“I’m not entitled to have an opinion unless I can state the arguments against my position better than the people who are in opposition. I think that I am qualified to speak only when I’ve reached that state.” ~ Charlie Munger
Propagating fear and division among family and friends does not serve us. It may serve someone, but it does not serve you, or I, or the good of community.
Perhaps we see this more clearly than before in this contemporary environment of polarizing opinions, so strongly held they divide families and communities.
Divisive opinions grew with Trump, transferred to a virus, and became ever more entrenched.
Collectively, we are tiring of the division, and ready to put it behind us. “Lets move on” is the prevailing sentiment.
It seems to me we should learn from this experience, particularly in the regenerative agriculture space.
We have the benefit of having a lot of facts and science in support of regenerative agriculture. There are also many facts and science that can be marshaled by advocates of contemporary agriculture.
Frequently, those with different perspectives are not even describing the same things, or discussing the same ideas, since they approach the discussion from very different world views.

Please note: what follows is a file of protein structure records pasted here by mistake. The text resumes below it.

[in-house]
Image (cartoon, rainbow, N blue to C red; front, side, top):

What are the beliefs you have very strong opinions about? These might be beliefs about the usefulness of GMO’s, the benefits of anhydrous ammonia, the effectiveness of glyphosate, the value of cover crops, the use of phosphorus fertilizers, etc. etc. etc.
How well can you articulate the opposing point of view?
Your ability to articulate the opposing point of view is likely to correspond to your level of empathy for those who hold a different view. You now understand their perspective, even though you may not agree with it.
Developing empathy with those who hold a different point of view is a foundational requirement if we wish to intervene and facilitate a shift in perspective.
If you think glyphosate is great, or glyphosate is damaging, is your opinion a qualified one? Or are you depending on the opinions of others?
Asking ourselves and our colleagues to develop qualified opinions or acknowledge when our opinion is not yet qualified, can bring about a deeper understanding and openness with each other.
What are you qualified to have an opinion about?